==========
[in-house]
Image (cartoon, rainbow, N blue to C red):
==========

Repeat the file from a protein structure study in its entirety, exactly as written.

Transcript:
[in-house]
Image (cartoon, rainbow, N blue to C red):